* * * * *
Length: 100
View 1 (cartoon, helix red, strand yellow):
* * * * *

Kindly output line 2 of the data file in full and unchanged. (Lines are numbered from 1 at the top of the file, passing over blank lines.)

View 1 (cartoon, helix red, strand yellow):